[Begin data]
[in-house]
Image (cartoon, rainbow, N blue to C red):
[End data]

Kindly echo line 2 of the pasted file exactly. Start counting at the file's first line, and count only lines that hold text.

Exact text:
Image (cartoon, rainbow, N blue to C red):